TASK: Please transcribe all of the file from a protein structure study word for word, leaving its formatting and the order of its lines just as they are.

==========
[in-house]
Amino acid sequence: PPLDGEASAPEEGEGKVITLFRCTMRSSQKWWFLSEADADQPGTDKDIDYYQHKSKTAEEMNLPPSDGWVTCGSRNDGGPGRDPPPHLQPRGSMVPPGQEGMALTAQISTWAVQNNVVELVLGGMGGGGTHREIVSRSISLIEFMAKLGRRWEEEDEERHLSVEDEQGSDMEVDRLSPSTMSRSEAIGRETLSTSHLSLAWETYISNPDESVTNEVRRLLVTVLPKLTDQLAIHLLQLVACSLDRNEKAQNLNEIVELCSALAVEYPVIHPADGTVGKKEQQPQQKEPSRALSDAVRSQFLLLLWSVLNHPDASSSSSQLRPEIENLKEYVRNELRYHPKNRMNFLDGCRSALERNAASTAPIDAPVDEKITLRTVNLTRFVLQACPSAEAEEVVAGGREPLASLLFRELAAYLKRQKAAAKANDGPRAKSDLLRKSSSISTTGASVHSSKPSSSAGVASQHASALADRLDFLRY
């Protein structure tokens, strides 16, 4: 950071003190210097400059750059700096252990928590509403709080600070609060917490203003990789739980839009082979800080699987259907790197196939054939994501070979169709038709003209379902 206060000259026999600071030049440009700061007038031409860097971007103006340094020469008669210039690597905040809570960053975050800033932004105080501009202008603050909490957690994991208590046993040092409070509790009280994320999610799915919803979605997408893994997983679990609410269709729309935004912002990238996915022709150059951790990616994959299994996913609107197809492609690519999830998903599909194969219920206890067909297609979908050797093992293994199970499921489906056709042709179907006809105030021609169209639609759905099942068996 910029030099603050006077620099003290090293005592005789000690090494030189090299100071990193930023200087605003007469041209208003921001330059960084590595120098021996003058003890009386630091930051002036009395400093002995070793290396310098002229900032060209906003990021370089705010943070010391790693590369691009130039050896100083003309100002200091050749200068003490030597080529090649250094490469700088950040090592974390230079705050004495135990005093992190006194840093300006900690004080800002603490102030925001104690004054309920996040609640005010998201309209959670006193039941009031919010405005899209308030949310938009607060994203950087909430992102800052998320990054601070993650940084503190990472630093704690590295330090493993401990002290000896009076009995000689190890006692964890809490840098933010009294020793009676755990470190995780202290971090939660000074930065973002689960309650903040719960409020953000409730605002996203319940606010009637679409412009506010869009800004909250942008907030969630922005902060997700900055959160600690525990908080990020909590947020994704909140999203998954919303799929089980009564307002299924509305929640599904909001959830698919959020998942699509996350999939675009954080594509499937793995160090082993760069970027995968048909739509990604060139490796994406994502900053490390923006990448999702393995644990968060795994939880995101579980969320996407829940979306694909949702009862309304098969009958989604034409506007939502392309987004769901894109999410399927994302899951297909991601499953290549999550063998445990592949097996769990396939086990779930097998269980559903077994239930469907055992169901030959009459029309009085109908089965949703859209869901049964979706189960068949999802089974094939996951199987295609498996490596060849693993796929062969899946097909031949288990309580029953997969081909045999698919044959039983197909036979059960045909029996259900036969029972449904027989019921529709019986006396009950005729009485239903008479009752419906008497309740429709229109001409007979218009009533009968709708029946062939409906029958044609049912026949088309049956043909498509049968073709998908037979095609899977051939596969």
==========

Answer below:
[in-house]
Amino acid sequence: PPLDGEASAPEEGEGKVITLFRCTMRSSQKWWFLSEADADQPGTDKDIDYYQHKSKTAEEMNLPPSDGWVTCGSRNDGGPGRDPPPHLQPRGSMVPPGQEGMALTAQISTWAVQNNVVELVLGGMGGGGTHREIVSRSISLIEFMAKLGRRWEEEDEERHLSVEDEQGSDMEVDRLSPSTMSRSEAIGRETLSTSHLSLAWETYISNPDESVTNEVRRLLVTVLPKLTDQLAIHLLQLVACSLDRNEKAQNLNEIVELCSALAVEYPVIHPADGTVGKKEQQPQQKEPSRALSDAVRSQFLLLLWSVLNHPDASSSSSQLRPEIENLKEYVRNELRYHPKNRMNFLDGCRSALERNAASTAPIDAPVDEKITLRTVNLTRFVLQACPSAEAEEVVAGGREPLASLLFRELAAYLKRQKAAAKANDGPRAKSDLLRKSSSISTTGASVHSSKPSSSAGVASQHASALADRLDFLRY
């Protein structure tokens, strides 16, 4: 950071003190210097400059750059700096252990928590509403709080600070609060917490203003990789739980839009082979800080699987259907790197196939054939994501070979169709038709003209379902 206060000259026999600071030049440009700061007038031409860097971007103006340094020469008669210039690597905040809570960053975050800033932004105080501009202008603050909490957690994991208590046993040092409070509790009280994320999610799915919803979605997408893994997983679990609410269709729309935004912002990238996915022709150059951790990616994959299994996913609107197809492609690519999830998903599909194969219920206890067909297609979908050797093992293994199970499921489906056709042709179907006809105030021609169209639609759905099942068996 910029030099603050006077620099003290090293005592005789000690090494030189090299100071990193930023200087605003007469041209208003921001330059960084590595120098021996003058003890009386630091930051002036009395400093002995070793290396310098002229900032060209906003990021370089705010943070010391790693590369691009130039050896100083003309100002200091050749200068003490030597080529090649250094490469700088950040090592974390230079705050004495135990005093992190006194840093300006900690004080800002603490102030925001104690004054309920996040609640005010998201309209959670006193039941009031919010405005899209308030949310938009607060994203950087909430992102800052998320990054601070993650940084503190990472630093704690590295330090493993401990002290000896009076009995000689190890006692964890809490840098933010009294020793009676755990470190995780202290971090939660000074930065973002689960309650903040719960409020953000409730605002996203319940606010009637679409412009506010869009800004909250942008907030969630922005902060997700900055959160600690525990908080990020909590947020994704909140999203998954919303799929089980009564307002299924509305929640599904909001959830698919959020998942699509996350999939675009954080594509499937793995160090082993760069970027995968048909739509990604060139490796994406994502900053490390923006990448999702393995644990968060795994939880995101579980969320996407829940979306694909949702009862309304098969009958989604034409506007939502392309987004769901894109999410399927994302899951297909991601499953290549999550063998445990592949097996769990396939086990779930097998269980559903077994239930469907055992169901030959009459029309009085109908089965949703859209869901049964979706189960068949999802089974094939996951199987295609498996490596060849693993796929062969899946097909031949288990309580029953997969081909045999698919044959039983197909036979059960045909029996259900036969029972449904027989019921529709019986006396009950005729009485239903008479009752419906008497309740429709229109001409007979218009009533009968709708029946062939409906029958044609049912026949088309049956043909498509049968073709998908037979095609899977051939596969």